Every private pilot knows that weather is the most important risk factor to safe flying. As such, pilots work double duty as airplane navigators and amateur meteorologists.
Modern technology gives private pilots more platforms than ever to get immediate weather information and warnings before and during their flight. This access to up-to-date information helps ensure that safety and travel time aren’t compromised by weather events.
But despite the advantages of weather-predicting technology, some weather patterns can be hard to predict and plan for. Pop-up summer thunderstorms can move in quickly, and charged cumulonimbus clouds can turn into serious problems for pilots in minutes.
Whether you’re flying in summer or winter, every season poses its own weather-related challenges. Here’s how different types of weather can affect your flight plan, and how to stay prepared as a pilot.
Extremely Hot Weather
Although snowstorms and ice are the most commonly-known instigators in flight delays and cancellations, extremely hot and dry weather can also be a burden for pilots.
Many aircraft are safety rated to operate in temperatures of up to around 128 degrees Fahrenheit, meaning they can handle even the warmest dog days of summer with ease. And some private aircraft are fitted with energy-efficient, high-performance cooling systems, so you can travel in comfort no matter how hot it may be outside.
But extremely hot weather can pose difficulties for the plane’s performance. Because warm air is thinner than cool air, the aircraft’s fuel usage and aerodynamic abilities can be compromised by extremely hot, dry weather.
This means it takes more power to get the aircraft into the air, necessitating a longer runway to get off the ground It’s important for private pilots to factor these warm-weather challenges into their flight plan so they can reach their destination safely.
When most people think of taking a flight in the summer, they probably imagine blue skies, sun, and no delays because of snow or ice. But pilots must navigate bumpy flights thanks to summer thunderstorms.
Pop-up thunderstorms throughout the summer (although much better predicted these days in areas) can be hard to predict in specific locations for even the best private pilots. That means you could encounter unexpected convective SIGMETs for turbulence throughout your flight.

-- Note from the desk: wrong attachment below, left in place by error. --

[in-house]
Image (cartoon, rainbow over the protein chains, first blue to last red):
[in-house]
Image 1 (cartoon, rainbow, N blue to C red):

In the warmer months, high humidity and warm temperatures can push massive amounts of warm, moist air into the atmosphere. This combination can quickly lead to a turbulent thunderstorm.
Pop-up summer thunderstorms can be some of the hardest weather events to predict. Unlike a warm or cold front, summer thunderstorms can be sparked by pressure and temperature shifts from previous thunderstorms, sea-breeze fronts, and higher or mountainous terrain.
If a storm is directly above the departure airfield, pilots are given no choice but to delay their departure until it passes. But despite the challenges posed by quickly-escalating summer storms, some pilots are lucky enough to be flying equipment able to handle this weather event by being able to top the weather, while others need to circumnavigate around the storms. Be aware of the direction of the storm movement, and give yourself plenty of distance to stay safe.
Before any trip, be sure to plan the most advantageous route around turbulent areas, and map out options for alternate airports and hangar spaces where you can take refuge in case the one you plan to arrive at is surrounded by storms.
Snow and Ice
If you’re a frequent flyer — either as a private pilot or a commercial passenger — it’s rare to have never experienced a flight delay because of snow or ice. Maybe most obviously, snow or other heavy precipitation can compromise a pilot’s visibility.
Accumulated snow or standing water that’s over a half-inch deep on a runway can make it difficult for pilots to generate enough flying speed for takeoff. The water can cause such extreme drag on the aircraft tires that the plane can’t take off before the runway ends.
Freezing rain is one of the most challenging weather events that keeps pilots on the ground for several reasons:
- The aircraft can gather ice faster than de-icing equipment can remove it
- The aircraft can lose traction in the ice, making it difficult to control
- Braking can become uncertain if not impossible
- Critical equipment can freeze
When it comes to extreme snow and ice, sometimes there is little a pilot can do besides wait out the conditions before it’s safe to fly.
All pilots are trained to predict and plan for weather-related challenges. While a particularly heavy snowstorm may keep your plane on the ground for a few hours or even a few days, other events should be safe enough for you to navigate, such as summer turbulence.
But even on the clearest of days, weather can change quickly and with little warning once you’re in the air. Paired with a global increase in severe and unpredictable weather patterns, it’s more important than ever for pilots to have a safe and thorough diversion plan for bad weather before taking flight.
In the case of dangerous weather, finding the closest diversion airport to you with available hangar space can be a lifesaver — for both you and your plane. Discover how Daily Hangar is giving pilots new options for streamlining their diversion plan »